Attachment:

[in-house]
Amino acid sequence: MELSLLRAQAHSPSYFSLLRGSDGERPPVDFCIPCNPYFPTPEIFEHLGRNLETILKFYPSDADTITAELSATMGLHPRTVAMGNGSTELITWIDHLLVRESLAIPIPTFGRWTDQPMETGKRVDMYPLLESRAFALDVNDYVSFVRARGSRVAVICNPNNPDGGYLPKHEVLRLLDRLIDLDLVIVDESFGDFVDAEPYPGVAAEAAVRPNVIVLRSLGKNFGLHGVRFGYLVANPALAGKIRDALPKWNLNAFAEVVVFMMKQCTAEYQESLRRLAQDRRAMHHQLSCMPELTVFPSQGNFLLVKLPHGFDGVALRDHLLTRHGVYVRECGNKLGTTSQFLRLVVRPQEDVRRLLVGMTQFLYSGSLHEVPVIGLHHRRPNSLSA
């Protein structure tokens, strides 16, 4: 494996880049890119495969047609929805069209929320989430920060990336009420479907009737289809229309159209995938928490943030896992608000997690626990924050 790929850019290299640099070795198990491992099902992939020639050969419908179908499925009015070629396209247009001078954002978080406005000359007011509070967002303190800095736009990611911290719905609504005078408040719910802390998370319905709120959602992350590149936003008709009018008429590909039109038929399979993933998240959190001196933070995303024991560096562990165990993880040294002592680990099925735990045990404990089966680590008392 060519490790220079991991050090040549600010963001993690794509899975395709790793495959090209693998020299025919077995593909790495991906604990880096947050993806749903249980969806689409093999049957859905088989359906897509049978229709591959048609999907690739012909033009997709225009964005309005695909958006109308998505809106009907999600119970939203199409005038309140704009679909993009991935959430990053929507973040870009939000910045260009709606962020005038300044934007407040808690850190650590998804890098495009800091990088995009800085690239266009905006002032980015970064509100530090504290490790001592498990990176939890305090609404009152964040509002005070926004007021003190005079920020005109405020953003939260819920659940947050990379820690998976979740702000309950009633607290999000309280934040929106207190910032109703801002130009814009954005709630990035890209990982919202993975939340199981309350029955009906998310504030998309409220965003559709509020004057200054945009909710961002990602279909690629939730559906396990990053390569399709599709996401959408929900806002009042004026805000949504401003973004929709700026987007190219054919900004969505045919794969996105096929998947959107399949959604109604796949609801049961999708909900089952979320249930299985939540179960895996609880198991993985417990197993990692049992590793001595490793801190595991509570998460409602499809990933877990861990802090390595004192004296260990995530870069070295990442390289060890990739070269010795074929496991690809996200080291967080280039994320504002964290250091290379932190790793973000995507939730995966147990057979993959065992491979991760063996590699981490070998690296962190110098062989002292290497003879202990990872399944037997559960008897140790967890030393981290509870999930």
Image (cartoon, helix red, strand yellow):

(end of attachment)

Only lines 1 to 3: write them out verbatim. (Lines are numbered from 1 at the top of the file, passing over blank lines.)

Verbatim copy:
[in-house]
Amino acid sequence: MELSLLRAQAHSPSYFSLLRGSDGERPPVDFCIPCNPYFPTPEIFEHLGRNLETILKFYPSDADTITAELSATMGLHPRTVAMGNGSTELITWIDHLLVRESLAIPIPTFGRWTDQPMETGKRVDMYPLLESRAFALDVNDYVSFVRARGSRVAVICNPNNPDGGYLPKHEVLRLLDRLIDLDLVIVDESFGDFVDAEPYPGVAAEAAVRPNVIVLRSLGKNFGLHGVRFGYLVANPALAGKIRDALPKWNLNAFAEVVVFMMKQCTAEYQESLRRLAQDRRAMHHQLSCMPELTVFPSQGNFLLVKLPHGFDGVALRDHLLTRHGVYVRECGNKLGTTSQFLRLVVRPQEDVRRLLVGMTQFLYSGSLHEVPVIGLHHRRPNSLSA
């Protein structure tokens, strides 16, 4: 494996880049890119495969047609929805069209929320989430920060990336009420479907009737289809229309159209995938928490943030896992608000997690626990924050 790929850019290299640099070795198990491992099902992939020639050969419908179908499925009015070629396209247009001078954002978080406005000359007011509070967002303190800095736009990611911290719905609504005078408040719910802390998370319905709120959602992350590149936003008709009018008429590909039109038929399979993933998240959190001196933070995303024991560096562990165990993880040294002592680990099925735990045990404990089966680590008392 060519490790220079991991050090040549600010963001993690794509899975395709790793495959090209693998020299025919077995593909790495991906604990880096947050993806749903249980969806689409093999049957859905088989359906897509049978229709591959048609999907690739012909033009997709225009964005309005695909958006109308998505809106009907999600119970939203199409005038309140704009679909993009991935959430990053929507973040870009939000910045260009709606962020005038300044934007407040808690850190650590998804890098495009800091990088995009800085690239266009905006002032980015970064509100530090504290490790001592498990990176939890305090609404009152964040509002005070926004007021003190005079920020005109405020953003939260819920659940947050990379820690998976979740702000309950009633607290999000309280934040929106207190910032109703801002130009814009954005709630990035890209990982919202993975939340199981309350029955009906998310504030998309409220965003559709509020004057200054945009909710961002990602279909690629939730559906396990990053390569399709599709996401959408929900806002009042004026805000949504401003973004929709700026987007190219054919900004969505045919794969996105096929998947959107399949959604109604796949609801049961999708909900089952979320249930299985939540179960895996609880198991993985417990197993990692049992590793001595490793801190595991509570998460409602499809990933877990861990802090390595004192004296260990995530870069070295990442390289060890990739070269010795074929496991690809996200080291967080280039994320504002964290250091290379932190790793973000995507939730995966147990057979993959065992491979991760063996590699981490070998690296962190110098062989002292290497003879202990990872399944037997559960008897140790967890030393981290509870999930």